MIAMI BEACH, FLA. (WSVN) - Some Miami Beach visitors are taking to the day to avoid rowdy crowds following nights of chaos in the streets.
On Sunday afternoon, city commissioners passed a motion to extend the emergency declaration enacting an 8 p.m. curfew and eastbound causeway closures until the end of spring break, an order first issued on Saturday.
The motion states the 8 p.m. curfew in South Beach’s entertainment district will be enforced Thursday through Sunday until the end of spring break or April 11. The main roadways affected are Ocean Drive, Collins Avenue and Washington Avenue, between Fifth and 16th streets.
The MacArthur, Julia Tuttle and Venetian Causeways eastbound lanes will be shut down from 10 p.m. until 6 a.m., Thursday through Sunday. Lanes on the MacArthur and Julia Tuttle causeways will remain open for residents, hotel guests, delivery drivers and people heading into work after they clear a checkpoint.
Miami Beach Mayor Dan Gelber spoke about the rowdy crowds on CNN, Monday morning.
“The governor said, ‘Everything’s open, come on down,’ but the problem is that we’re still in the midst of a pandemic. It’s not in our rearview mirror yet, by any means, and it’s certainly not in my county and my city, so that’s a challenge,” said Gelber. “With this many people coming, it’s sort of a triple threat of too many crowds, too many people acting out and a pandemic, and those three together just create a very challenging moment.”
Some visitors who are in town on vacation said even they don’t want to get mixed up with the rowdy revelers.
“I just need some Vitamin D, the sun to recharge, so I can go back to work,” said one visitor from Detroit.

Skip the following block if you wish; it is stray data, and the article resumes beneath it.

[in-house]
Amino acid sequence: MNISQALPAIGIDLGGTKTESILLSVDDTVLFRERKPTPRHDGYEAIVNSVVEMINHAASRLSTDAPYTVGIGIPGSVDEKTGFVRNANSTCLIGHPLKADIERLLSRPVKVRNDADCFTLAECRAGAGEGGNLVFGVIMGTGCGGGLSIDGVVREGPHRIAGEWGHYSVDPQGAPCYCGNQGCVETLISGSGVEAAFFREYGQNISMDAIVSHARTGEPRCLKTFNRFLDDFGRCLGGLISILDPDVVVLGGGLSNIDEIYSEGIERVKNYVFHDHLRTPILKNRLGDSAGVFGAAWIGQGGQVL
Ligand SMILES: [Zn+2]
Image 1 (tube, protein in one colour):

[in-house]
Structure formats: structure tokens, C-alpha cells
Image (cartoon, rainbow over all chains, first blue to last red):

He and his friends are focused on daytime activities for their vacation.
“Just chill, lay on the beach and you know, just regular activities, not the turn up,” said another visitor in the group.
They said before they arrived in South Beach on Sunday night, they were aware of what has been going on in the entertainment district for weeks.
The men also said they were relieved to see city leaders put a curfew in place.
“Get people off the street, get it under control because, I mean, if you don’t do that, people will be out here all day, all night,” said one of the men.
“We have it set to extend every week until it’s not necessary — hopefully it will be unnecessary soon,” said Gelber.
“I feel like everybody ain’t bad. We had nothing to do with it what’s going on,” said one visitor from Illinois.
He said he came into town two days ago, just in time for day one of the curfew. It wasn’t what he expected on his vacation but also said he understands.
“A hundred percent, I mean, if you’re going to act ignorant and put people’s lives in danger and do all that, it’s better to just… you gotta protect people, you feel me? This whole thing is a mess out here,” he said.
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